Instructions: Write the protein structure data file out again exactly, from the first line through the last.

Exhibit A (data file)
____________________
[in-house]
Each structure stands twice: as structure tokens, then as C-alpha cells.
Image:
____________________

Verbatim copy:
[in-house]
Each structure stands twice: as structure tokens, then as C-alpha cells.
Image: